29 Voluntary and community services are encouraged and flourishing in the country. Youth organisations like Youth Association of Zambia (YAZ) encourages and promotes community work by youth and adolescents by providing Psychosocial counseling, HIV/AIDS awareness in communities, voluntary services, and promoting youth culture and leadership exchange programmes, as well as fund raising for the needy in the community. Work As noted previously, adolescents in Zambia contribute towards the family income and contribute labor to the national economy. Female adolescents typically do the entire household chores, including doing the laundry for their siblings. If the family has a small scale business, adolescents help their parents in that business. Adolescent work in the family tends to be gendered. Adolescents from high-income groups do less work menial type work than adolescents from the low-income areas. For example, in addition to the household chores female and male adolescents from low-income urban areas have to help their parents with street vending. Adolescents from very low income generating households typically spend more time working than studying. By contrast, adolescents from high-income urban backgrounds have more study time compared to those from the low-income backgrounds. There is also a more equitable distribution of household chores between male and female adolescents from the high-income areas. The latter group of adolescents model their work distribution of household tasks on Western models as seen on television, and also their parents who may have less gender bias in household task assignment. The adolescents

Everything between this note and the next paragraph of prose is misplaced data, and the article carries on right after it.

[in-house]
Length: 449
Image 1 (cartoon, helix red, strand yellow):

30 from the high-income families also have domestic workers to work for them so that they do not have to do any chores they would rather pass on. In rural areas work for adolescents is more gendered than in urban areas. The type of work that rural adolescentscarry out is also different from the work urban adolescents carry out. In rural areas female adolescents draw water, cook, clean the house, may collect firewood help in farming activities, and also look after their siblings or nephews and nieces. The Zambian male adolescent is responsible for fishing, collecting firewood, making handles for hoes and axes, repairing the house and the granary and farming activities. Out-of- school adolescents in Zambia have an opportunity to earn income from economic activities that are common in the community they live in. A high percentage of adolescents on the Copperbelt Province (which is urban) are involved in trading activities. In Luapula Province (which is rural) adolescents have the opportunity to be employed in the fishing and forestry industry while those in the North-Western (which is rural) are typically engaged in fishing and trading. Manufacturing account for 82% of all non-farm businesses in Zambia. Nonetheless, trading outnumbers manufacturing and fishing 2:1 in creating employment. Many adolescents who are not in school earn a living through trading all sorts of goods and services. In urban areas the majority of out-of-school adolescents sell their goods on the streets. About 21% of adolescents not in school are unemployed. There are more male adolescents who are unemployed than females (28% and 17% respectively). About 4% of the unemployed adolescents are engaged in income generating activities such as vending on the streets (CSO, 2002). Many out-of-school adolescents have the opportunity to be